Labour leader Ed Miliband has said he is seeking to make a "radical offer" on student tuition fees.
Nick Clegg has allowed a satirical site to release a musical version of his apology over his pledge to oppose an increase in tuition fees
Liberal Democrat Leader Nick Clegg has apologised for promising to abolish tuition fees during the 2010 election campaign.
A number of parodies depicting the Deputy Prime Minister's apology over pledging to reduce tuition fees have emerged on YouTube. Among the videos include:
Senior Lib Dem sources have told The Sun political correspondent Craig Woodhouse they are "hopeful" the request from the satirical site The Poke to release their auto-tune remix of the Deputy Prime Minister's tuition fees apology:
Sources @libdems say the Nick Clegg remix will "hopefully" get the green light for release on iTunes. A cunning plan all along?
A satrical site, which parodies current news and is responsible for creating an auto-tune remix of the Deputy Prime Minister's tuition fees apology, has asked to release the Lib Dems for permission to release the song as a single:
We'd love the @libdems to give us permission to release this as a single on iTunes. All profits to worthy education causes?
At the ITV News Facebook page, we have been asking you whether the Deputy Prime Minister's apology over tuition fee pledges, is an apology you can accept. Here are some of your views:
– Natasha Thwaites
An apology this late into government, means very little. The liberal Democrats just blew their chances of ever being a government into the water. No trust will go their way for at least 20 years.
– Mark O'Neill
At least he has said sorry. Don't remember Labour saying sorry for virtually bankrupting the country.
– Jane Caithness Turner
Sorry is just a word. We want action....action to improve the economy not destroy it.
Education minister David Laws has said today that it would have "technically possible" to keep the tuition fees pledge but only if the Liberal Democrats had been governing on their own, after the Deputy Prime Minister issued an apology over the pledge.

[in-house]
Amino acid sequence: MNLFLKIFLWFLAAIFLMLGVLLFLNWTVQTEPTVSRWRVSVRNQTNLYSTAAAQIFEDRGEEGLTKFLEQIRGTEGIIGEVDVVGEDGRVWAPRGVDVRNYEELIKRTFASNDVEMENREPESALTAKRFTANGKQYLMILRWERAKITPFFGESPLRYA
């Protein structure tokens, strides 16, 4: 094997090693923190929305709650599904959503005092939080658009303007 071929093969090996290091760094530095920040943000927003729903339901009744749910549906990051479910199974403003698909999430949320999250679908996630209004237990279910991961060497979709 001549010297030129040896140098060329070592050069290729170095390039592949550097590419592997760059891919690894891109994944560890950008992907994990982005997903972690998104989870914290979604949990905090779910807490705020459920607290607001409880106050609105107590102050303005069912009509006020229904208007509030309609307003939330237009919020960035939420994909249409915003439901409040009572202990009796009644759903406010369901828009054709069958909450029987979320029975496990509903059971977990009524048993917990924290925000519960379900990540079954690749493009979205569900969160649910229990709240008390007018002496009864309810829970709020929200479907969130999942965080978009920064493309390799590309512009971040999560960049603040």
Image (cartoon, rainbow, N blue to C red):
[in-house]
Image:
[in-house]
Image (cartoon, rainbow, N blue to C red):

Mr Laws told BBC Radio 4's Today programme that if the party had "ditched other key commitments" such as tax breaks for the low paid and support for disadvantaged pupils, then it would have been "possible".
He added that all Lib Dems bore a "collective responsibility" but denied it was a failure of leadership on Nick Clegg's part, pointing out that the party had to keep its pledges on a range of other "big and important issues".
Labour Deputy Party Leader Harriet Harman accused Nick Clegg of "crying crocodile tears", after the Deputy Prime Minister issued an apology over pledging to scrap tuition fees.
Ms Harman said in a short statement: "This was not just the small print of his manifesto, this was Nick Clegg's key election promise when he asked people to vote for his party. It is not good enough for him to just brush that promise aside.
"Instead of crying crocodile tears he should vote with Labour to bring these tuition fees down. If Nick Clegg does not back his words with action he is just weak and spineless."
A musical version of the Deputy Prime Minister's apology over his pledge to scrap university tuition fees has gone viral.
The youth and student wing of the Liberal Democrat party, Liberal Youth has issued a statement welcoming the Deputy Prime Minister's apology over tuition fees.
Tom Wood, chair of the group said on their website that he had "never been more proud of Nick Clegg".
Liberal youth welcomes Nick Clegg apology for tuition fee pledge
Asked whether the Liberal Democrats would think more carefully about what it pledges in the next general election, Vince Cable said they would "not be going into next election with a lot of expensive pledges".
He also acknowledged the "damage" that breaking the pledge had done to trust in politics.
Vince Cable disagreed with Jeremy Paxman's assertion that the pledge not to raise tuition fees was an election stunt.
– vince cable, business secretary
It was not a stunt ... it was part of genuinely felt wish to assist the student population. We weren't able to follow through with it, but it was deeper than a stunt.